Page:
Written By: Helena Wu
Everyone’s world is divided into two parts: the one they care about, and the one they do not. With all the hubris of childhood, I staunchly believed I figured that out years ago. I was the soft-spoken loner who read chapter books for fun in kindergarten, skipped second grade, and avoided eye contact as I stumbled on my words amongst my new peers. Through brute recitation, I memorized 409 digits of pi in about a month to crush my rival in math class at a Pi Day competition in middle school. Apparently I was the only one who even went to that length, but a win is a win. I liked being withdrawn in a restless whirlwind of ideas and imagination in my brain. I was comfortable thinking of myself as a bookish, standout student, and my whole self-identity became invested in that. Fitness was part of the vast nothingness I could hardly care less about, until it suddenly, disastrously wasn’t.
Few experiences in the first half of my life were remotely athletic. If you suggested to 10-year old Helena that her path would eventually converge into competitive powerlifting, you would have been scoffed out of the room. It was wholly unthinkable; in retrospect, what changed that seems like a cruel trick of Janus. Sometimes I wonder: if I was at least taught to approach training in a healthy, progressive way, would my adolescent years be different? Would I still have succumbed to the disordered eating, OCD, and anxiety attacks that possessed me for years?
Even though I passed that point in my life – I think – I hope – it is an unspoken shadow that few have noticed lurking beneath me, following my every step. The people I know are demarcated into two crowds. Half of them know me as the once-industrious nerd who spontaneously became obsessed with running and working out, and effectively dropped out of the academic rat race. The other half know Helena, the girl who deadlifts a lot and practically lives in the campus weight room, who just happens to be the type of person who, for example, would be annoyingly nitpicky about grammar.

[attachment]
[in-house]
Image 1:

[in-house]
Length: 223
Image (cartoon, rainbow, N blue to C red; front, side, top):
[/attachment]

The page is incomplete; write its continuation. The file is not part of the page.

I had no time to reconcile whatever my change was: a coming of age, a finding myself, or a questionably inevitable onset of OCD and anorexia athletica. A stupidly unimportant Presidential Fitness test in seventh grade triggered it. Even though I barely did physical conditioning, I could muster passing performances in every event except for the half-mile and mile runs. It humiliated me that I had to stop and wheeze my way through the latter and barely escaped doing the same for the former. While licking my wounds, it came to my attention that I sucked because I was not aerobically fit. I knew nothing about improving aerobic performance. That epiphany led to an interest in improving overall fitness. Everyone said exercise was good for you, but how, and why?
When something matters to me, I hurl my entire obsessive, perfectionist mind at the problem. Especially then, before self-torment and anxiety wore me out, that was exactly how I approached the remedy to my flaw. The key, I determined, was to lose weight, run, and exercise a lot. I restricted my intake, and as for the latter, women’s fitness and running magazines would surely be the panacea to my ignorance. Out of some unfound shame, I hid these magazines in the basement, where I devoutly repeated bodyweight circuits several days a week after a run.
Goldfish crackers and Pringles chips in the afternoon were replaced with an apple, or nothing at all. Gradually, I worked up to leaving my entire portion of white rice at every meal untouched. As the child of Chinese immigrants, I had eaten rice since my toddler years. My rejection of it in the quest to become healthier was a symbolic disavowal of when I was unenlightened and unfit. I was leaving the worse version of myself behind. This also meant no more hedonistic soy sauce-smothered or stir-fried food.